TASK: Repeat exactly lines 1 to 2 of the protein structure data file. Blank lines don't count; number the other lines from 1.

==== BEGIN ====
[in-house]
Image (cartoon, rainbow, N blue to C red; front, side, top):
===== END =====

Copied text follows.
[in-house]
Image (cartoon, rainbow, N blue to C red; front, side, top):